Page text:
Kings tried something similar by ending with Jehoiachin – in Babylon but freed from captivity, as if to hint at a hope for a renewed Davidic dynasty.

2 Chronicles 34-35: Josiah the Reformer

Leave a comment

The story of King Josiah here is basically in agreement with 2 Kgs 22-23, at least as far as the macro structure is concerned. But, as usual, there are quite a few important deviations.

In the last chapter, King Amon was assassinated by his own subjects. If it had been an attempted coup on the dynasty, the conspiracy failed and Amon was avenged. Personally, though, I like to imagine that Amon (like Manasseh before him) was a challenge to the authority of the priests, diluting their control over the nation by allowing (and perhaps even encouraging) other faiths and forms of worship. In my headcanon, the priests orchestrated the assassination of Amon, then scapegoated the individual assassins and installed Amon’s son – an eight year old child they could keep under their direct influence for several years, at least – on the throne.

I’m finding some evidence for my little conspiracy theory in the first big deviation from the Kings account. See, in Kings, Josiah is just going about his business, ruling the country, until the 18th year od his reign when the priest Hilkiah happens to find the Book of the Law somewhere in a Temple cellar. When it is read to Josiah, he has a conversation experience and gets to work trying to purify the nation.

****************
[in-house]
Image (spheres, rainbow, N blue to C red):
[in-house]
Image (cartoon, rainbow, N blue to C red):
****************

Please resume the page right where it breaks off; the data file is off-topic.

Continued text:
This order of events is just a little too perfect, and hints at revisionism and propaganda. Biblical scholars tend to assume that either Hilkiah or Josiah wrote (or commissioned) the Book the Law, and that the finding of an ancient text was merely to give it a sense of added authority.

Once we allow for this, the conversion narrative no longer makes much sense. Rather, we should see a pattern of reform leading up to the finding of the book (people rarely change their entire outlook through epiphanies, no matter how satisfying that narrative may be in conversion stories).

Here, however, we see Josiah hit the ground running. He is already seeking God in the 8th year of his reign (when he was 16, so perhaps the relevance here is that he began to seek God independently, as an adult – or near enough – with personal agency). A mere four years later, he begins a religious purging of Judah and Jerusalem.